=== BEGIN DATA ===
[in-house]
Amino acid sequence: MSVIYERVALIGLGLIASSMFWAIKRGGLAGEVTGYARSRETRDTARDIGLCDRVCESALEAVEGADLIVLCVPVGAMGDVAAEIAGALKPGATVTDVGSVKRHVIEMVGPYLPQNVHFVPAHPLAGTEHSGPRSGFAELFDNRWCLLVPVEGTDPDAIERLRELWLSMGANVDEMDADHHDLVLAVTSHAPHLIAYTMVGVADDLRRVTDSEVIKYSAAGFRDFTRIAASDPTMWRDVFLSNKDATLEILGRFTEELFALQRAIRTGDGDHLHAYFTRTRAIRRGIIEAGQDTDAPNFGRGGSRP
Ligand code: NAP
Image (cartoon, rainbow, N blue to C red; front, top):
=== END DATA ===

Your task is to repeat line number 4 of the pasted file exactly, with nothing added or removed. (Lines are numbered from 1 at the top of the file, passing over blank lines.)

Image (cartoon, rainbow, N blue to C red; front, top):